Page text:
Here is my Tuesday, November 18, 2008 suntimes.com review of the Sunday, November 12 matinée concert at Orchestra Hall by the Dresden Staatskapelle with conductor Fabio Luisi and 'cellist Jan Vogler
The Semperoper in Dresden. Photo by Christoph Münch.
Staatskapelle in a class by itself with Strauss's 'Don Quixote'
BY ANDREW PATNER
When Wynne Delacoma retired as the Sun-Times's classical music critic, among the things that she said she would not miss was having to listen to the tone poems of German composer Richard Strauss.
Certainly these are works that can reek of pomposity and gimmickry, especially in the wrong hands. While not sharing Delacoma's sense of comprehensive dismissal, I do like to budget against too many Zarathustras, Don Juans and Heledenlebens. And I especially dread having to hear the 1897 Don Quixote too many times.
So it was an unexpected pleasure -- a revelation, really -- to hear Strauss's 40-minute retelling of the Cervantes novel, his "Fantastic variations on a theme of knightly character," in the right hands at Orchestra Hall on Sunday afternoon. In fact, I am not sure that I want to hear this piece again if it is not played by the Dresden Staatskapelle with its principal conductor, Fabio Luisi, on the podium and the gifted German cellist Jan Vogler, a former principal player with the Dresden orchestra, as Man of La Mancha soloist.
While some orchestras sound more and more like each other these days, the 460-year-old (!) Staatskapelle maintains a marvelously characteristic string sound. And its wind players and horns play in such a rich and distinctive way, individually and collectively, that you can imagine that you are hearing the very sound that convinced Strauss to premiere no fewer than nine of his operas in Dresden with the predecessors of these players.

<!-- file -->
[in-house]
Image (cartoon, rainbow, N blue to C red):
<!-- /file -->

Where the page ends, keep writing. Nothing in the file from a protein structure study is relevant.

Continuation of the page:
As we heard in the concert's second half, Luisi, 49 (left, with one of his pugs, Leonie), whose brilliant Rigoletto at Lyric Opera eight years ago still sounds in my head, takes Strauss's picaresque tale-telling as seriously as a Brahms or Beethoven symphony. By understanding each composer on his own terms, by conducting a strict analysis of each score and then transforming this into a flowing line, Luisi could play just about anything.
I did hesitate a bit in the middle movements of the 1885 Brahms Fourth Symphony in E minor. Op. 98, wondering if Luisi was getting too cerebral, but when he took apart and put back together the great closing-movement passacaglia before our eyes and ears, he had won me and the audience over to his ideas.
And this is Luisi's most important gift: In addition to his technical abilities, his tremendous focus and his palpable energy (his players are on the edges of their seats much of the time), he has ideas about the music he plays -- not eccentric, but deep ones. And whether he is presenting a narrative, as with Strauss, or showing us how Brahms solved a musical problem, he conveys a wonderful mixture of thought and art.
Weber's overture to his 1826 opera Oberon was the generous and convincing encore. It made you want to go to Dresden and hear Luisi in his opera house there. In the meantime, he will play it again, along with large-scale works of Nielsen and Berlioz, at his Chicago Symphony Orchestra debut concerts December 18-20. Don't miss them.